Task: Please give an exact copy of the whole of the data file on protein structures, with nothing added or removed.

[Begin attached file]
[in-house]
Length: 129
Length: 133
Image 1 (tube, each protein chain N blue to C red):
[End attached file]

[in-house]
Length: 129
Length: 133
Image 1 (tube, each protein chain N blue to C red):